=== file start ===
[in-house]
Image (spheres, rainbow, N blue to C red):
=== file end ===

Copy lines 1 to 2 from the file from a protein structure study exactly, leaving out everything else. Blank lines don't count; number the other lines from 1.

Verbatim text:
[in-house]
Image (spheres, rainbow, N blue to C red):